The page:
Improving the Safety and Quality of Pediatric Emergency Care With Point-of-Care Ultrasound: Part 2

April 27, 2018

Becker's Clinical Leadership & Infection Control
Stephanie J. Doniger, MD, RDMS, FAAP, FACEP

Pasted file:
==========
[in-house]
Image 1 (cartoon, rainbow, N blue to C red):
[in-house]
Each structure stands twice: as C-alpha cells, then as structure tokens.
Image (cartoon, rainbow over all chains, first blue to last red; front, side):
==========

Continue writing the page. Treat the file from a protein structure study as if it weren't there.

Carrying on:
In the second part of this article that discusses how point-of-care ultrasound can improve the safety and quality of care delivered to children in an emergency room or department, Dr. Stephanie Doniger continues to outline important diagnostic and procedural applications of ultrasound used at the point-of-care. Dr. Doniger writes about using ultrasound-guided vascular access to achieve the “one-stick standard,” especially with pediatric patients, particularly those who are smaller, dehydrated or chronically ill. She outlines the cost-effectiveness case for using ultrasound as the initial Test for Suspected Pediatric Appendicitis and how it allows for achieving nearly perfect accuracy for diagnosing intussusception. Dr. Doniger also provides evidence and explains the data regarding the use of ultrasound versus x-ray in a number of applications that happen with children more than adults, like the removal of foreign bodies.

 

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